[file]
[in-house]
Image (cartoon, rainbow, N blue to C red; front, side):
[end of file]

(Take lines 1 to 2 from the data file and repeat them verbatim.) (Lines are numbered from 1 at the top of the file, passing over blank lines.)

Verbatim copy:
[in-house]
Image (cartoon, rainbow, N blue to C red; front, side):